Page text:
In hindsight, I probably should have compared Harper’s 40,000 ‘members’ with Mr. Trudeaus 12 bazillion Twitter followers to make the same point. Both numbers are pure bullshit, and every thinking person knows it. Harper ran a fan club for a couple of years. His single dubious achievement in that job was to launch a lawsuit against the government -which he lost- in an attempt to overturn election funding laws. Those laws that he failed to get overturned are, interestingly enough, the exact same laws that the CPC was eventually convicted of breaching. Small world, eh?

          • I think he also had a fair bit to do with Preston Manning’s campaigns.

    • If I’m not mistaken, before heading into politics, Stephen Harper’s most impressive career credential was having worked in a mail-room.

  7. One large missing piece of our education system is a course equipping our young with the skill of logical thought. The ancient Greeks developed this process and in turn used it to develop the basis for modern science using only the power of logical thought processes.
    A one semester course could equip each young person with a bulls**t filter which could then be used to protect them from many of the stupid decisions they would other wise make. (Of course they wouldn’t be as useful as consumers of every new trend — and they’d be more difficult to sell political crap to —)

    • In theory, EVERY course should be teaching some of those skills. That said, many universities do indeed now have courses specifically focusing on general “critical thinking” skills and the like, and many programs require students to complete courses such as these as a prerequisite for their degree.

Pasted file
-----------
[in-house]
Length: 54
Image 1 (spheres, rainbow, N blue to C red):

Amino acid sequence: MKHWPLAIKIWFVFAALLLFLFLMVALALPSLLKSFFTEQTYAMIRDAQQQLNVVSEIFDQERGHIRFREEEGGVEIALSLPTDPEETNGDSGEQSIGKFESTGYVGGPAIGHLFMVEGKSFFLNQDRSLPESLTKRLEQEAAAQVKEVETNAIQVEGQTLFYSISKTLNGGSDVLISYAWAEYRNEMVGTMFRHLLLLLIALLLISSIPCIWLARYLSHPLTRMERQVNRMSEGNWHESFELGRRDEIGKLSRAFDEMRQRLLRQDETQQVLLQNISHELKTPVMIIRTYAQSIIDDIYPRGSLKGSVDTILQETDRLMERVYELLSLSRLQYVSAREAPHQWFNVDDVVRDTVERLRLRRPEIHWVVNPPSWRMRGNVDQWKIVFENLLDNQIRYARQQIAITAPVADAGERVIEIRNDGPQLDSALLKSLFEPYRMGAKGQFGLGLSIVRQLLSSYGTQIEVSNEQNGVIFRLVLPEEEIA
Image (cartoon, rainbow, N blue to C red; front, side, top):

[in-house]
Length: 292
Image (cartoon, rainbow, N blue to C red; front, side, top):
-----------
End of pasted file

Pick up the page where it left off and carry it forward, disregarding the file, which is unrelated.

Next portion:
8. Trudeau: “We should also consider establishing a personal RESP program, to ensure working Canadians can also improve their skills. …We should partner with the private and non-profit sectors to increase the amount Canadian workplaces invest in training their employees.”

    I’m not so much a Trudeau fan, but it seems to me his piece ably accounted for the notions of lifelong learning and non-university/college programs you suggest he’s hopelessly biased against in favour of formal institutions.

    But I do agree with you that the 70% figure is a simplistic goal for a complicated problem. And if memory serves me, the Millennium Scholarship program under the Libs was fodder for Quebec separatist bellyaching. Even if schemes can be developed that avoid pissing off Quebec, there’s still the matter of creating capacity at the postsecondary level (tuition alone does not cover the cost of creating capacity). There’s every reason to expect we’d simply end up funding students that would have gone to university and college anyway, with the 70% figure being unattainable.

    Even if we could realize 70%, there’s the matter of workforce capacity too. Just because 7/10 jobs now require postsecondary credentials (according to Trudeau), that doesn’t mean that 2/10 jobs are going unfilled due to an unqualified workforce. And if we turn university and college degrees into the equivalent of a high school diploma (most everyone has one), then I wouldn’t surprised if 9/10 jobs required postsecondary papers. If education alone levelled the employment playing field, it would be wonderful. But there’s many other factors of social/cultural capital, class, and the like that influence an individual’s chances.